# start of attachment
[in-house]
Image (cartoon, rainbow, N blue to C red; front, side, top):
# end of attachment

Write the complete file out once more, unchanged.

[in-house]
Image (cartoon, rainbow, N blue to C red; front, side, top):